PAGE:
The zero waste lifestyle has become a bit of a buzzword over the last few years, which is great as it has raised so much awareness, but just considering waste does not go far enough.
When looking at waste we need to assess the whole supply chain, the production process and disposal of the items we buy, which can become overwhelmingly complicated. I do not blame you if all of this makes you feel like a rabbit in headlights, you are not alone. But hopefully, we can navigate this minefield together.
What Is A Zero Waste Lifestyle?
Zero waste is a lifestyle approach that is based on encouraging recycling, reducing waste, repurposing items and working to throw fewer things away. The four R’s of a zero waste lifestyle are:
You may have seen headlines of people reducing the waste they generate at home every year to a single jar. This is an extreme example as the goal of zero waste is not to produce no waste but rather to lower the waste you generate in everyday life as much as practically possible.
Why is Reducing Waste Important?
Unfortunately, there is no such thing as “away”, our waste collects in all kinds of surprising places including the stomachs of sea birds and marine animals. Studies have shown that plastic can be found in 90% of sea birds, shocking right? That statistic is enough to make me not want to buy plastic ever again!
Most of the plastic and other items that we throw away is just shifted to another location such as a landfill, the ocean or sometimes a recycling plant. On occasion, our waste is turned into energy by use of controversial energy to waste plants that emit greenhouse gasses. With this said even though plastic and waste a big issue it’s not our only problem, we’re facing a climate crisis and waste reduction is one link in the environmental chain.
A Custodian Against Climate Change
As climate change affects us more and more every year, it is so important to look at our environmental impact holistically and without unhelpful judgement of each other on top of creating less waste. We’re in this together, being a cheerleader and custodian for positive change is much more productive than standing on the sidelines criticising those who are brave enough to stand up and fight while the rest of the world are living their lives blindly led by beautifully crafted marketing messaging urging to buy more stuff! So none of that here, we’ll be winning this battle together right?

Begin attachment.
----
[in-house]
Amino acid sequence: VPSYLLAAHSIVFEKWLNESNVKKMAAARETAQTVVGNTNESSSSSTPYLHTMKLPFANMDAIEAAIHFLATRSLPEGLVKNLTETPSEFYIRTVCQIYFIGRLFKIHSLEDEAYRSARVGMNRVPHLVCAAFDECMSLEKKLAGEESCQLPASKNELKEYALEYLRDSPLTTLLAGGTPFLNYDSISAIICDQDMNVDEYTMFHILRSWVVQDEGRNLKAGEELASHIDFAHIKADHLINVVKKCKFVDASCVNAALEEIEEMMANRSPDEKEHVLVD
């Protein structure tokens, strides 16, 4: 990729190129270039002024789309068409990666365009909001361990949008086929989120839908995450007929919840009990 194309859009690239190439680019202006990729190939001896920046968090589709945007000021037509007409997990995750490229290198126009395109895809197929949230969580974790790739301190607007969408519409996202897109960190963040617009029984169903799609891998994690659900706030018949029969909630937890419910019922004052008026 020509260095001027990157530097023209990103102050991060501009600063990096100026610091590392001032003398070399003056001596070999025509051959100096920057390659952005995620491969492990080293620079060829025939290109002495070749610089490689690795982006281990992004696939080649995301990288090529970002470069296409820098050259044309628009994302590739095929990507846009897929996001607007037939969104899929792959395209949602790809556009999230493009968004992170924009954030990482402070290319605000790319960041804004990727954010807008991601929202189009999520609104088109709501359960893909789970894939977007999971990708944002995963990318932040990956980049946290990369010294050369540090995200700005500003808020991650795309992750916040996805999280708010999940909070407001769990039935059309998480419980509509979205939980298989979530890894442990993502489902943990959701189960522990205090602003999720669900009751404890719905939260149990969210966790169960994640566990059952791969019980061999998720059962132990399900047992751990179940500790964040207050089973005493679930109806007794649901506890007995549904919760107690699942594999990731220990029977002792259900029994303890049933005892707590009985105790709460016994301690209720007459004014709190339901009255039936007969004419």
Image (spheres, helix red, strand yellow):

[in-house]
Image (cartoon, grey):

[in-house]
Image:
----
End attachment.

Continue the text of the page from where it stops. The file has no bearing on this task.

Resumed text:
I’ve been a marketer for 15 years so I know how that all works. Don’t worry if you’ve fallen into this trap as the game is slightly rigged. But, if you know better, you can do better.
I’d recommend just filtering out the noise and taking time to dig a little deeper so you can make your own informed decisions without the persuasive words of skilled copywriters. Don’t get me wrong, I’ve worked with some incredible ethical marketers who you can listen to, so it’s not all a poisoned chalice.
Living a sustainable life means that you need to look at all aspects of your everyday actions and make consistent manageable changes. It’s so easy to get overwhelmed and go a little crazy, but I won’t recommend extreme action as it can breed resentment later on. It is wonderful if you can fit the waste you produce every year into a small bin, but it’s not always an achievable goal for the average busy, working family.
So how can you be a more ethical and sustainable human while reducing waste? I’ve outlined a few basic principles to help guide you in a practical and achievable way below.
Sustainable Living and Reducing Waste is a Journey
Do better every day. It’s as simple as that. Be aware and consider every purchase and lifestyle decision you make more carefully. You won’t get it right the first time, probably not the second time so don’t worry about making mistakes as perfection is unrealistic. As you become more aware you’ll find new ways to make positive changes.